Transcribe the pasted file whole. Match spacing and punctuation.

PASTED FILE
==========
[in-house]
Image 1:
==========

[in-house]
Image 1: